British Military & Criminal History:
1900 to 1999.
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This case, ending with the execution of Francis Forsyth and Norman Harris, is often used by the anti-capital punishment lobby to illustrate that capital punishment does not serve as a deterrent. Victor Terry, a friend of Forsyth, heard about his friend's execution on his car radio, while he was driving to commit his own murder. He was eventually hanged on the same gallows as Forsyth.
The Forsyth-Harris Case
Alan Jee, a young engineer, was walking home after seeing his girlfriend whom he had recently become engaged to. He walked through a lonely alley, and immediately attacked by four local youths: Francis 'Flossie' Forsyth (age 18), Norman Harris (age 23), Chrisopher Darby (age 23) and Terrance Lutt (age 17). Lutt struck the first blow, causing Alan Jee to fall to the ground shouting "What do you want me for?". Lutt, Darby and Harris held him down while Forsyth kicked him repeatedly. While Forsyth continued to kick Jee, Harris when through the young man's pockets looking for money. Alan Jee never regained consciousness and died two days later in hospital.
Harris boasted about the attack, and word eventually made its way to the police, of Harris's remarks. All four youths were quickly arrested and interviewed. All four denied being near the alley on the day of the attack, but Forsyth's shoes still had stains from Alan Jee's blood. Forsyth also remarked that he had just kicked Jee to shut him up.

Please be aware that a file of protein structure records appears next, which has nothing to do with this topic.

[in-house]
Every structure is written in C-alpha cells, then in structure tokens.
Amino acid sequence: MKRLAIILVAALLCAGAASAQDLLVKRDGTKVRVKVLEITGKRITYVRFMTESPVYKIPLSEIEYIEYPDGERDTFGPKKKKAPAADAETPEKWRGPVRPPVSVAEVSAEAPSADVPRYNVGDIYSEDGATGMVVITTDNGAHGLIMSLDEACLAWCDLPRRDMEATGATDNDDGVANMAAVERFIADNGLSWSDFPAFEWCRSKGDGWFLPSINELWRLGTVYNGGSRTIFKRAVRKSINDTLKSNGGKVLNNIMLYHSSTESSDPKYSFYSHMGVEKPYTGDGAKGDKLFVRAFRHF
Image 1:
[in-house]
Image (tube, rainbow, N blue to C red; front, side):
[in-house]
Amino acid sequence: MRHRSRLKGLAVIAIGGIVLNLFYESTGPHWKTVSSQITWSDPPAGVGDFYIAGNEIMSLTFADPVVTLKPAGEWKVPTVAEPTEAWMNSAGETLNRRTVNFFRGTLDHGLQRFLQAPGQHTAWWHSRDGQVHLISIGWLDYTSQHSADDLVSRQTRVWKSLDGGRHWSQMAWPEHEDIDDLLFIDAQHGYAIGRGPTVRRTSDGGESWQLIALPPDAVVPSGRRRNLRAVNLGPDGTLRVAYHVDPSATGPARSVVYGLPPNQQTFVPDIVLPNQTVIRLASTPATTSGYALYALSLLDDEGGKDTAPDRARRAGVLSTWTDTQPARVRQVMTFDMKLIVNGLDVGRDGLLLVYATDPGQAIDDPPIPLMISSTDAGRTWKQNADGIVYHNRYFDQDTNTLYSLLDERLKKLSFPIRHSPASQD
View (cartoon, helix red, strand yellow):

All four youths were charged with the capital murder of Alan Jee; murder in the course or furtherance of theft. They were all tried together at the Old Bailey in London during September 1960. Forsyth and Harris were both found guilty and sentenced to death by hanging. Darby was found guilty of non-capital murder and sentenced to Life Imprisonment. Lutt was found guilty of capital murder, but due to being under 18 years old, he was sentenced to Detained during Her Majesty's Pleasure.
Francis Forsyth was hanged at Wandsworth Prison on 10 November 1960. On the day of his execution, a national newspaper reported a story that Forsyth slept badly and repeatedly cried out that he did not want to die.
At the same time, Norman Harris was hanged at Pentonville Prison.
The Terry Case
Victor Terry, aged 20, was a friend of Forsyth's and heard about his friend's execution on his car radio. One hour later, on 10 November 1960, he had shot dead a Security Guard at a bank in Worthing. At the subsequent trial, Terry claimed that he was possessed by the spirit of the American gangster 'Legs' Diamond. He was found guilty of capital murder (murder by firearms or explosions) and was sentenced to death by hanging.
On 26 May 1961, he was hanged on the same gallows as Forsyth at Wandworth Prison.